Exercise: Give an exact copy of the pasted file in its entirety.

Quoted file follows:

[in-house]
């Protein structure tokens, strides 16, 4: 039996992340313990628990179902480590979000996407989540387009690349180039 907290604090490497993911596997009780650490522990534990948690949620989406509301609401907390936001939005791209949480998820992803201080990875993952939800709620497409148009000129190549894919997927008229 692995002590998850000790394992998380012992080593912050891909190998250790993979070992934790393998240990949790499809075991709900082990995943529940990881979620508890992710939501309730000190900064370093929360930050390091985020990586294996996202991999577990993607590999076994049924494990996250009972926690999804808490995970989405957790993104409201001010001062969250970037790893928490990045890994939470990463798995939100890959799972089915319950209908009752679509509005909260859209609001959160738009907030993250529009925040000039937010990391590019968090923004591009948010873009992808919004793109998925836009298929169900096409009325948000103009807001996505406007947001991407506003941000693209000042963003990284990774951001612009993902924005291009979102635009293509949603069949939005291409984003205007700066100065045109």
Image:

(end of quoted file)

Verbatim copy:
[in-house]
């Protein structure tokens, strides 16, 4: 039996992340313990628990179902480590979000996407989540387009690349180039 907290604090490497993911596997009780650490522990534990948690949620989406509301609401907390936001939005791209949480998820992803201080990875993952939800709620497409148009000129190549894919997927008229 692995002590998850000790394992998380012992080593912050891909190998250790993979070992934790393998240990949790499809075991709900082990995943529940990881979620508890992710939501309730000190900064370093929360930050390091985020990586294996996202991999577990993607590999076994049924494990996250009972926690999804808490995970989405957790993104409201001010001062969250970037790893928490990045890994939470990463798995939100890959799972089915319950209908009752679509509005909260859209609001959160738009907030993250529009925040000039937010990391590019968090923004591009948010873009992808919004793109998925836009298929169900096409009325948000103009807001996505406007947001991407506003941000693209000042963003990284990774951001612009993902924005291009979102635009293509949603069949939005291409984003205007700066100065045109």
Image: